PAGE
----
Friday, November 30, 2012

Anxiety and depression strategies

Yesterday at the Resiliance workshop we had a session/presentation dealing with anxiety and depression, which of course was right up my ally. When asking us questions during much of the presentation, I was giving answers so correct that they were surprised. I said that it wasn't from a text book but that this was part of my life. Thought at least I had a good understanding of the subject for them to build on.

There were a few things that stuck out for me. The first was how society has trained us into believing that there are good and bad emotions, like happy is good and sad is bad. In truth these emotions all have a place in being human and are the result of our evolution, so obviously they're all there for a reason. It's only when they start interfering in every day life that they get a problem. Example of hunting, you'd need anxiety for your body to be at the ready sort of thing. So that was a big thing to realise, just how much we've all been programmed by society to reject certain emotions, when in reality we'd be better not to put any kind of moral imperative on them. Even in modern life anxiety has it's place if it's at a normal level.

I remember as well an example being used of mine. Say I was thinking of going out and socialising a bit, but then I'd think something like "No one will even be bothered talking to me?" and then the anxiety about going out would follow. Unfortunately (knowing me) I'd likely end up giving my attention to that anxiety and try to push it away, which only makes the anxiety worse. The better thing to do is to give my attention instead to the negative thought:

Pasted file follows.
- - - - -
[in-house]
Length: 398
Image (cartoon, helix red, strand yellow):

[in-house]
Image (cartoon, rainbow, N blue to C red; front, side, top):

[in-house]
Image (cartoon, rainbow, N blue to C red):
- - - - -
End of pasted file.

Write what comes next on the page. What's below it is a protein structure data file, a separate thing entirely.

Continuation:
"No one will anyone even be bothered talking to me?" and examine the actual reality of that thought. It is in fact a hypothetical that's entirely unlikely in a pub situation. To challenge the validity of the thought puts it much more in perspective. Like "well, that's very unlikely to happen", and it follows that the anxiety decreases.


Another thing was recognising that not everything I think in my head is correct, and assumptions that they are are what can get me into trouble. For example, assuming that the thought "No one will even be bothered talking to me?" is correct just because I thought it, gives strength to the following anxiety. A better way is to be able to step back from those thoughts, almost detached in a way, and to look at said thoughts sensibly.

This was one of the better sessions, found it extremely relevant to me.

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